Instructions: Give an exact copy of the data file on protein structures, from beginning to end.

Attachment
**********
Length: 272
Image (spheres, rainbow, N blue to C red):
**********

Length: 272
Image (spheres, rainbow, N blue to C red):